In a team dynamic it is almost impossible to avoid relational breakdowns. In good times spirits stay high, as flexibility and forgiveness are easy to come by. However under stress we have a tendency to push pressure, blame and frustration towards those who serve alongside us.
My friend Jimmy has a phrase he loves to deliver when processing breakdowns; “Protect the Relationship.” You see Jimmy knows that relationships are the foundation for success on our teams. When relationships fail it becomes impossible to accomplish anything meaningful with your team.
To protect the relationships around you, here are 4 things to do when breakdowns happen:
- Trust Their Intentions – If you look for drama around every corner you are likely to find it, but you are also likely the one creating it. Protect the relationships around you by assuming the best in people and trusting that their intentions are good. (click to tweet) It is easy to vilify someone and assume they are attempting to cause problems, but most of the time the intentions of those around you are good.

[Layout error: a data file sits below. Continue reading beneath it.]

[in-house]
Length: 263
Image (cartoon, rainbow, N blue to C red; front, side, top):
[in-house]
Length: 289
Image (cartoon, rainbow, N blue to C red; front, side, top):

- Know the difference between sliding and jumping – Over time each of us can subtly slide out of alignment. It happens behind the scenes and is an easy adjustment to correct. There is a big difference between sliding out of alignment and jumping ship. Jumping ship is when you have intentionally decided you no are no longer content in your current role. Know the difference between sliding and jumping. Treat people like they want to be on the team until they tell you differently
- Solve it With Them – You do not solve relational breakdowns in a hole. If there is an issue relationally, it must be solved relationally. Do not solve the problem for them – but walk with them through the process of addressing the problem.
- Remember Everyone Wants to Win – It is amazing what happens when you consider a person’s end game. Everyone wants to be on a winning team (click to tweet), so solving relational breakdowns is a way of helping individuals and the team get closer to a win. People want to win, and fixing breakdowns is easier when you know that each of us want the same thing.